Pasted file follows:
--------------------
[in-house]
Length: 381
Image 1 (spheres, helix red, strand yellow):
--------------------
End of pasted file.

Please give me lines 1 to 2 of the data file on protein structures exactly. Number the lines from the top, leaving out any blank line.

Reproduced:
[in-house]
Length: 381